Objectives: This study sought to determine the use of intravenous fluids in the early care of patients with acute decompensated heart failure (HF) who are treated with loop diuretics. Background: Intravenous fluids are routinely provided to many hospitalized patients. Methods: We conducted a retrospective cohort study of patients admitted with HF to 346 hospitals from 2009 to 2010. We assessed the use of intravenous fluids during the first 2 days of hospitalization. We determined the frequency of adverse in-hospital outcomes. We assessed variation in the use of intravenous fluids across hospitals and patient groups. Results: Among 131,430 hospitalizations for HF, 13,806 (11%) were in patients treated with intravenous fluids during the first 2 days. The median volume of administered fluid was 1,000 ml (interquartile range: 1,000 to 2,000 ml), and the most commonly used fluids were normal saline (80%) and half-normal saline (12%). Demographic characteristics and comorbidities were similar in hospitalizations in which patients did and did not receive fluids. Patients who were treated with intravenous fluids had higher rates of subsequent critical care admission (5.7% vs. 3.8%; p< 0.0001), intubation (1.4% vs. 1.0%; p= 0.0012), renal replacement therapy (0.6% vs. 0.3%; p< 0.0001), and hospital death (3.3% vs. 1.8%; p< 0.0001) compared with those who received only diuretics. The proportion of hospitalizations that used fluidtreatment varied widely across hospitals (range: 0% to 71%; median: 12.5%). Conclusions: Many patients who are hospitalized with HF and receive diuretics also receive intravenous fluids duringtheir early inpatient care, and the proportion varies among hospitals. Such practice is associated with worse outcomes and warrants further investigation.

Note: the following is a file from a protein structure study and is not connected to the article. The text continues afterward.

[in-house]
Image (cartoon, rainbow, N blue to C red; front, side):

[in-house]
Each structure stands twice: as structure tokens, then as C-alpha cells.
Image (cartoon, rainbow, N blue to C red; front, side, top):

- Heart failure
- Intravenous fluids
ASJC Scopus subject areas
- Cardiology and Cardiovascular Medicine